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I'm wondering if anyone can help me id some rough plumbing. This is a basement bathroom rough in a 2009 New Hampshire house. I believe it was supposed to be roughed in for a toilet, single vanity and a shower. Judging by the distances from the wall and pipe sizes I'm guessing #1 is for a toilet (because it's 3 inch pipe and if the wall behind it was framed the center of the pipe would be 12 1/2 inches away), #4 is for a vanity and #5 is for a shower. #2 seems to be cover for a sewage pump. I have not found any roughed venting pipes in the ceiling so far.

What is the 3 inch pipe #3? The sewage pump cover says Zoeller 17-0276. Does it only fit Zoeller pumps or are these universal fit?

Thank you in advance for looking at my question.

**Edit 1 I did some homework and snaked the pipes except for #5 which i didnt want to cut as the cap is glued on and it's so short. It seems they're all connected (now drawn in red on the schematic) and going to the sewage pump pit. I can see #1 is a toilet rough in after taking the silver wrap off.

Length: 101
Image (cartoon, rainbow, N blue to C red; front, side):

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  • The ejector pit is usually not in the bathroom so I would expect a wall, which means #2 and #3 would not be in the bathroom. #3 may be for a floor drain or laundry room sink or washing machine. Dec 31 '20 at 15:20
  • Thanks for commenting, this is a completely unfinished basement right now and I suspect you're right, the ejector pit was meant to be walled off.
    – Mrkski77
    Dec 31 '20 at 22:52
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If the basement bathroom requires a sewage pump, one of those pipes (quite possibly #3) will be the output of the sewage pump going up to the level of the house drain (which is presumably above the floor level, if a sewage pump pit was roughed in.) Pull the cover off the pit and poke a snake into the pipes...

Or if there's only one pipe into the pit, and the pump output would go out via the cover, it may be a vent pipe and cleanout access.